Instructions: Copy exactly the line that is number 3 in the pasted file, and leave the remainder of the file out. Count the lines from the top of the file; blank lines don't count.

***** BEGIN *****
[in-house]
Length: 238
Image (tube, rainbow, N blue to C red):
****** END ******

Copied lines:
Image (tube, rainbow, N blue to C red):